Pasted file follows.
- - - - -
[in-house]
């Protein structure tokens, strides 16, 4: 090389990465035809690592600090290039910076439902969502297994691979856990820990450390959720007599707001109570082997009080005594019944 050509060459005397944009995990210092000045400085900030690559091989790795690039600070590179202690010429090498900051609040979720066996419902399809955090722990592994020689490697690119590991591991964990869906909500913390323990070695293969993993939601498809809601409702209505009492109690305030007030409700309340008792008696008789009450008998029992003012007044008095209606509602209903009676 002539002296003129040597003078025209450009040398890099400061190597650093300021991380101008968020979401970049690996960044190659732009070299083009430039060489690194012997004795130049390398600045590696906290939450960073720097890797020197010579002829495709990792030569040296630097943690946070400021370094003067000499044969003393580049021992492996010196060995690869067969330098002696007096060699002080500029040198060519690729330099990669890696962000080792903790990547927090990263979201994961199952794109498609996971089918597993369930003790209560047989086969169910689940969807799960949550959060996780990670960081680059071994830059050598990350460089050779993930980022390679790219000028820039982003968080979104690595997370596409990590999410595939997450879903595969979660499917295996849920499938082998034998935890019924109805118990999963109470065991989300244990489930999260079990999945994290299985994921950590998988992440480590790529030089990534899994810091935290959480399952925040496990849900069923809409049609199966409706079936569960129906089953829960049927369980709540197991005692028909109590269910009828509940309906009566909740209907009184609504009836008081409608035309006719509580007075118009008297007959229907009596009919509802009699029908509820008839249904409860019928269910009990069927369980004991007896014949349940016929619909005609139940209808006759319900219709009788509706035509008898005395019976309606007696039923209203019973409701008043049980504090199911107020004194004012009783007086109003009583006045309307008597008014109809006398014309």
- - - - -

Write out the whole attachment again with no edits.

[in-house]
């Protein structure tokens, strides 16, 4: 090389990465035809690592600090290039910076439902969502297994691979856990820990450390959720007599707001109570082997009080005594019944 050509060459005397944009995990210092000045400085900030690559091989790795690039600070590179202690010429090498900051609040979720066996419902399809955090722990592994020689490697690119590991591991964990869906909500913390323990070695293969993993939601498809809601409702209505009492109690305030007030409700309340008792008696008789009450008998029992003012007044008095209606509602209903009676 002539002296003129040597003078025209450009040398890099400061190597650093300021991380101008968020979401970049690996960044190659732009070299083009430039060489690194012997004795130049390398600045590696906290939450960073720097890797020197010579002829495709990792030569040296630097943690946070400021370094003067000499044969003393580049021992492996010196060995690869067969330098002696007096060699002080500029040198060519690729330099990669890696962000080792903790990547927090990263979201994961199952794109498609996971089918597993369930003790209560047989086969169910689940969807799960949550959060996780990670960081680059071994830059050598990350460089050779993930980022390679790219000028820039982003968080979104690595997370596409990590999410595939997450879903595969979660499917295996849920499938082998034998935890019924109805118990999963109470065991989300244990489930999260079990999945994290299985994921950590998988992440480590790529030089990534899994810091935290959480399952925040496990849900069923809409049609199966409706079936569960129906089953829960049927369980709540197991005692028909109590269910009828509940309906009566909740209907009184609504009836008081409608035309006719509580007075118009008297007959229907009596009919509802009699029908509820008839249904409860019928269910009990069927369980004991007896014949349940016929619909005609139940209808006759319900219709009788509706035509008898005395019976309606007696039923209203019973409701008043049980504090199911107020004194004012009783007086109003009583006045309307008597008014109809006398014309």